If you’ve been to Oahu, you’ll notice Kauai’s beaches tend to be shorter and crescent-shaped, and often at one end of a sheltered cove. The coves and offshore reefs help to keep the waves smaller and the surf less rough than what you’d find on Oahu’s North Shore, for instance. Kauai’s beaches also tend to be close to the foot of mountains that rise suddenly from the sea. This is not to say that they are any less beautiful. In fact, the mountains and coves enhance the beauty of Kauai’s beaches, which are still filled with white sand lapped by crystal-clear waters. And you'll find the best beaches on Kauai on the North Shore, South Shore and East side of the island. The West Side is dominated by the rugged Na Pali Coast and the one long beach there is fairly inaccessible. The North Shore is at the receiving end of the trade winds, which bring clouds and frequent showers, and in winter, heavier waves. The South Shore beaches are usually sunnier and drier, which naturally makes them more popular most of the year. Regardless of the location, there’s an excellent beach on Kauai for every type of beachgoer.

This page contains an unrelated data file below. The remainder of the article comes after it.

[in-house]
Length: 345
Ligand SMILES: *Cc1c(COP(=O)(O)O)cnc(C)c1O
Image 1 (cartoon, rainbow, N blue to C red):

This North Shore gem is one of the best beaches on Kauai for leisurely family activities. It’s also one of the rare Hawaii beaches with rusty-colored sand instead of the usual gleaming white. Anini Beach is protected by a reef offshore, so the waves are usually gentle to non-existent. This, combined with a shallow, sandy bottom, make the bay here perfect for swimming, even for the littlest ones. As you go farther out, you’ll reach the reef that often attracts brightly colored tropical fish, so be sure to bring some snorkeling gear. This is also a good spot to try or practice stand-up paddle boarding (SUP) if you haven’t already.
The slender beach stretches for about two miles from the Westin Princeville Ocean Resort on the west to past Kalihikai Park on the east. The park has a campground, picnic tables, restroom facilities, outdoor showers, and a shop for renting snorkel gear and paddle boats. In short, Anini Beach is the perfect place to spend a relaxing afternoon with the whole clan.